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Cut to communications services tax gets cut from Senate bill

With the tax cut nixed, the committee hearing turned into a home rule battle.

A Senate measure that would have cut the state’s communications services tax by 1 percent cleared another committee Tuesday — but the tax cut itself was left out of a strike-all amendment put on the bill.

A recent Florida TaxWatch report estimated the cut could have saved Floridians upward of $128 million a year, and the group’s opposition to the amendment didn’t make the record until it was already adopted by members of the Senate Community Affairs Committee.

“With the commercial rents tax and the communications services tax, you can’t find two better taxes to cut,” said TaxWatch head Dominic Calabro. “We hope another vehicle is found to cut this tax.”

With the cut nixed, the committee hearing turned into a home rule battle between major telecommunications interests and local governments.

Other provisions in SB 1000, sponsored by GOP Sen. Travis Hutson, are aimed at fixing a law passed in 2017 to speed up the installation of “small wireless facilities” on the same sites as utility poles or current wireless support structures on public rights of way.

The goal is getting 5G wireless pushed out ASAP.

Hutson and industry representatives contend local governments have “taken it upon themselves to slow roll their implementation.” But local governments have their own list of gripes, and they say the new bill will only make things worse.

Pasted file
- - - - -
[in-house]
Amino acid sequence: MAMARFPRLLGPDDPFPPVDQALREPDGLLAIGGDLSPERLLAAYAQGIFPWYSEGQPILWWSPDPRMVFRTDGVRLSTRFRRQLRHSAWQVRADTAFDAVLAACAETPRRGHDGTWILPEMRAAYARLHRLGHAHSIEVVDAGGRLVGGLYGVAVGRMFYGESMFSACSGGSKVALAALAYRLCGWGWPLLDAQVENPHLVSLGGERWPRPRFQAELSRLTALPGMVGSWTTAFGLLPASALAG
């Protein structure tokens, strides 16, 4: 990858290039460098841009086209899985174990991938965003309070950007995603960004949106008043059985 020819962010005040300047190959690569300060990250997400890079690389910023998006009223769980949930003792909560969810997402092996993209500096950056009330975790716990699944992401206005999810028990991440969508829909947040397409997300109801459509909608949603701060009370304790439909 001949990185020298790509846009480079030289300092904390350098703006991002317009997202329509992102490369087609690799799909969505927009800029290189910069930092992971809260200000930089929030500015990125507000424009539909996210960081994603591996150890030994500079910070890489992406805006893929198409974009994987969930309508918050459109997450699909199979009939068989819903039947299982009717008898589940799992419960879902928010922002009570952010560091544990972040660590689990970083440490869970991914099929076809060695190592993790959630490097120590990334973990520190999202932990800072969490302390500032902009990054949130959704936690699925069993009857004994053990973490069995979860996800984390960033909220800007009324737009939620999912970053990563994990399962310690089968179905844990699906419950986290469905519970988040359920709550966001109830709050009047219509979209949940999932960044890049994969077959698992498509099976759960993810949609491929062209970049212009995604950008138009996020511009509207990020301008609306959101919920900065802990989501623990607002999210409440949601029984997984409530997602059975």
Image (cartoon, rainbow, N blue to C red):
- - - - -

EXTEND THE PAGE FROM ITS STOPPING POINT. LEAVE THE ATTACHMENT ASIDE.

“This bill is much broader than a co-location on existing facilities,” said Amber Hughes of the Florida League of Cities. “Two years ago, [communications companies] had to comply with undergrounding ordinances. This bill removes that.”

“We recognize there is a desire to expedite the rollout of small cell, but this is not small cell, this is all communications.”

Fort Walton Beach City Manager Michael Beaty said his city was upholding its half of the bargain, but installers aren’t.

“The issue we have is these providers come in, they tear up the road ways do the installation and they’re gone,” he said. “Sure we can go after their insurance, their bonds, but the residents want answers now. This legislation takes away our teeth other than going after insurance, which takes months.”

Most communications companies waved in support of the bill, thought Charlie Dudley, representing Florida Internet & Television, said the law in place was slowing down wired communications just as much as wireless, making it harder for broadband providers to expand into new areas.

The back and forth caused South Florida Democratic Sens. Gary Farmer and Jason Pizzo to suggest the two sides go into mediation.

“It’s a tough balance because [local governments] keep getting hurt and getting dinged here and there,” Farmer said. “I just want to throw this out there, and I’m being serious, there’s a new thing called legislative mediation.”

According to Hutson, however, that’s already happened.

“I think that mediation did happen two years ago. Every committee stop it went through I brought all major stakeholders in, and I gave them everything they wanted,” he said. “It wasn’t about aesthetics or any of that, it was about them being able to charge whatever fees they want.”

With the favorable vote, the Senate bill now moves to the Finance and Tax Committee.

Written By

Drew Wilson covers legislative campaigns and fundraising for Florida Politics. He is a former editor at The Independent Florida Alligator and business correspondent at The Hollywood Reporter. Wilson, a University of Florida alumnus, covered the state economy and Legislature for LobbyTools and The Florida Current prior to joining Florida Politics.

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